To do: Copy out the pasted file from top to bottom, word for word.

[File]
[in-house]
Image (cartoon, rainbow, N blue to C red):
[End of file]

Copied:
[in-house]
Image (cartoon, rainbow, N blue to C red):